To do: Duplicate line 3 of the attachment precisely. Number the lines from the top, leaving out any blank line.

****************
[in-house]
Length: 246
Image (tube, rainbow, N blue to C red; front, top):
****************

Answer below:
Image (tube, rainbow, N blue to C red; front, top):